The man who would not save himself

Then were there two thieves crucified with him, one on the right hand, and another on the left. And they that passed by reviled him, wagging their heads, and saying, “Thou that destroyest the temple, and buildest it in three days, save thyself. If thou be the Son of God, come down from the cross.”

Likewise also the chief priests mocking him, with the scribes and elders, said, “He saved others; himself he cannot save. If he be the King of Israel, let him now come down from the cross, and we will believe him. He trusted in God; let him deliver him now, if he will have him: for he said, ‘I am the Son of God.'”

The thieves also, which were crucified with him, cast the same in his teeth.

Now from the sixth hour there was darkness over all the land unto the ninth hour. And about the ninth hour Jesus cried with a loud voice, saying, “Eli, Eli, lama sabachthani?” that is to say, “My God, my God, why hast thou forsaken me?”

Some of them that stood there, when they heard that, said, “This man calleth for Elias.” And straightway one of them ran, and took a spunge, and filled it with vinegar, and put it on a reed, and gave him to drink. The rest said, “Let be, let us see whether Elias will come to save him.”

Jesus, when he had cried again with a loud voice, yielded up the ghost.
– Matthew 27:38-50

Mailvox: just read the bloody book

BL suggests a theory as to why internet discourse takes place at such a low level today:

I wish to comment on books and reading. My observation is that most people don’t read books; those that claim to usually don’t finish them or skim the book, read the forward, and carry on as if they,ve read it confident that next person they encounter on the subject has done the same thing or less. This I find to be predominant among younger liberals who operate behind an intellectual facade. They then seem to be convinced that they have actually read the book! This is clearly evident in the response to TIA – an excellent and valuable book which I like to give as a gift to students.

I find it remarkable how many individuals on both sides of numerous debates – not just the atheism/religion one – operate in almost complete ignorance of not only the material on the other side, but of the material on their own side! Just as it’s readily apparent that the average individual who brings up Hume, Epictetus, or Plato have never read their works, it’s seldom hard to detect that a significant percentage of those who claim they have read the works of Shakespeare, Dickens, or Homer have actually done so.

The conflation of having heard of something with knowing it is a widespread disease, and tools like Wikipedia and other Internet reference sites only make it worse. But reading a single famous quote from a work is not tantamount to reading the work itself, and citing a summary on Wikipedia is not indicative of actually understanding anything about that which is being summarized.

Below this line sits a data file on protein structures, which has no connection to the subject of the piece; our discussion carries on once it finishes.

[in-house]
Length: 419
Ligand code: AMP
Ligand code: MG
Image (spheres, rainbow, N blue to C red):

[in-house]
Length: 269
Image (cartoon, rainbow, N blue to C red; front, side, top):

Most people read only to have their prejudices confirmed. So, if you want to have a significant advantage over most people, always read as much as you can about your subject from every perspective. I don’t particularly enjoy wallowing in jargon-filled Communist literature, logically challenged atheist philosophy or mindless neo-monetarism with a Keynesian twist, but I do it because I cannot understand the full scope of the discourse if I don’t.

I very seldom agree with Cisbio – and mama mia is he in for a spanking when I finally get around to replying to his last critique – but one thing he was absolutely right to do was to call me on my not having read a book that I cited based on a third-party reference. In general, it’s always wise to either read a book so that you know what you’re talking about, or just keep your mouth shut about it.

Blame the Biz School

Here’s a belated link to Nate’s damning thoughts on the business school mentality:

You want to know whats to blame for your current economic crisis? Greed you say? Harvard Business School says I. Its that theory.. thay wretched buzzword style catch phrase… so often repeated… its impregnated every fascit of american economics. Its a deplorable, loathesome, and ultimate suicidal business theory. Its one that eventually damns and destroys everyone and everything that adopts it… from a business, to a school, to a city or town. But why? Why is it so destructive?

Several different ways actually.. and I’m going to provide some fairly varied examples from completely different, and seemingly unrelated, areas to demonstrate them.

Nate provides examples from NASCAR to the housing market in illustrating how a mindless focus on revenue growth leads to an abbreviated financial lifespan. A few months ago, I saw a newly hired technology executive fired, quite justifiably, because his “plan” for the company he had recently been hired to run was – surprise, surprise – to focus on the short term, goose the sales numbers, and sell the company as fast as possible based on “the ramp”.

He got canned almost immediately after presenting that plan… mostly because he was the third or fourth straight executive who had come up with precisely the same “strategy”.